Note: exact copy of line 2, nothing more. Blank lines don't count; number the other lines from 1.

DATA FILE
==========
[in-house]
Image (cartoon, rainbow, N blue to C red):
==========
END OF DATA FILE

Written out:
Image (cartoon, rainbow, N blue to C red):